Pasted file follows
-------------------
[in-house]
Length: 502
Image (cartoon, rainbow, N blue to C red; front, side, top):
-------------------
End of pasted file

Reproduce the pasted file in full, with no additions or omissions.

[in-house]
Length: 502
Image (cartoon, rainbow, N blue to C red; front, side, top):